from my bookshelf: anatomy of a murder by robert traver


this is the OG murder trial novel. the story takes place in the upper peninsula of michigan. paul biegler is an ex-district attorney who loses reelection and is faced to deal with his struggling solo law practice that is held together by the seams and the assistance of his secretary, maida. biegler assumes the rest of his days will be spent fishing and feeling sorry for himself when he receives a phone call from lieutenant manion’s wife who desperately needs his help because her husband is behind bars for the murder of barney quill. biegler recruits parnell mccarthy, an alcoholic who was a brilliant legal mind in his younger years, to assist him as the case unwinds, revealing a multi-layered story that ultimately results in a captivating trial. the author, robert traver, is an ex-michigan supreme court justice, and spares no details that law enthusiasts will appreciate from start to finish.


“Law is one of the last citadels of wavering conservatism in an untidy world and the offices of most lawyers reflect it.”

“As I looked at my man the wry thought flashed over me that despite our dearly hugged illusions of civilization and culture, all our talk about tolerance and fair play and detached social objectivity, most of us have but two reactions to the people who cross our lives: we either like or dislike them on sight. it is as simple as that.”

“The Lecture is an ancient device that lawyers use to coach their clients so that the client won’t quite know he has been coached and his lawyer can still preserve the face-saving illusion that he hasn’t done any  coaching. For coaching clients, like robbing them, is not only frowned upon, it is downright unethical and bad, very bad. Hence the Lecture, an artful device as old as the law itself, and one used constantly by some of the nicest and most ethical lawyers in the land.”

“I’m a lawyer, not a juggler or a hypnotist nor even a magician or boy orator. When I undertake to defend a man before a jury I want to have a fighting legal chance to acquit him.”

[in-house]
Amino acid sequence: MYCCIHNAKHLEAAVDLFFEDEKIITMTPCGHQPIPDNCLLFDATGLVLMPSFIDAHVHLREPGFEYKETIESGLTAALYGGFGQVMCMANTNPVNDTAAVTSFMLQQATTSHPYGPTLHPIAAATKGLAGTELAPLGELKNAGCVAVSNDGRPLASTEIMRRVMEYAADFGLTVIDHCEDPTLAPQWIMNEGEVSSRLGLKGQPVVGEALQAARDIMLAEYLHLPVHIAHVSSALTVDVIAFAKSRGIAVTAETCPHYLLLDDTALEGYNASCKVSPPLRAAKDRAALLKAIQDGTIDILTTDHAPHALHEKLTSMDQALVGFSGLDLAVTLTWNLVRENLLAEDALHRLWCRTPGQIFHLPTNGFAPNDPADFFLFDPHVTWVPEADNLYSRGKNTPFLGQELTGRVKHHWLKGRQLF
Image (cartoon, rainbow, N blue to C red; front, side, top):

“A lawyer caught in the toils of a murder case is like a man newly fallen in love; his involvement is total. All he can think about, talk about, brood about, dream about, is his case, his lovely lousy goddam case.”

“Just as a lawyer needn’t love his client, to adequately represent him, so he doesn’t necessarily have to believe in his moral or legal innocence. But sometimes it helps, and it was helping now…”

“We smoked and watched silently and I reflected with lazy unoriginality that the main trouble with the world was the people in it. Someone had said it more floridly if not better: ‘Where every prospect pleases, and only man is vile.'”

“…for all its lurching and shambling imbecilities, the law–and only the law–is what keeps our society from bursting apart at the seams, from becoming a snarling jungle. While the law is not perfect, God knows, no other system has yet been found for governing men except violence. The law is society’s safety valve, its most painless way to achieve social catharsis; any other way lies anarchy.”

“The law is the busy fireman that puts out society’s brush fires; that gives people a nonphysical method to discharge hostile feelings and settle violent differences; that substitutes orderly ritual for the rule of tooth and claw. The very slowness of the law, its massive impersonality, its insistence upon proceeding according to settled and ancient rules–all this tends to cool and bank the fires of passion and violence and replace them with order and reason.”

“Lofty abstractions about individual liberty and justice do not enforce themselves. These things must be reforged in men’s hearts every day. And they are reforged by the law, for every jury trial in the land is a small daily miracle of democracy in action.”

“Lawyers were something like actors, I reflected: their range was limited by the play; they had to take the script as they found it; they dared not change the words or tinker with the dialogue. When they did they became either ham actors, on the one hand, or else shysters.”

“But these facts, however melodramatic, skimmed by the surface, were in themselves merely the tip of the iceberg at sea; it was the ‘inner facts,’ the heart of the case itself, that teemed with the stuff of real mystery, the deepening tangle of dark impulses and mixed motives of real men and women.”

“One of the endless fascinations–as well as frustrations–of the law are the constant surprises–both good and bad–that its practitioners get from their clients and witnesses.”

“My steps rang hollowly along the deserted upper corridors, and it occurred to me that there were fewer places in the world lonelier and emptier than the precincts of a country courtroom between terms of court.”

“‘The lack of knowledge of people, our lack of human communication, one with the other, may be the big trouble with this old world…'”

“After a long arduous trial one is not only physically exhausted, but the overchurned mind itself grows buttery and numb; the goaded emotions are whipped to a watery whey; there is simply nothing more to give–one is at last not unlike a battle-scarred old boxer finally reduced to a sparing bag.”